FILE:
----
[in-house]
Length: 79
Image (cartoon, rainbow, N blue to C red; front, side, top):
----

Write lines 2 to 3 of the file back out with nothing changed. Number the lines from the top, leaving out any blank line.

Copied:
Length: 79
Image (cartoon, rainbow, N blue to C red; front, side, top):